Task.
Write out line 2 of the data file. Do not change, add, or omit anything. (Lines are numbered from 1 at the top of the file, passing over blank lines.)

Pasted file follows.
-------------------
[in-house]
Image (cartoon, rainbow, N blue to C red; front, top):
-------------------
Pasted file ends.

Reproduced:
Image (cartoon, rainbow, N blue to C red; front, top):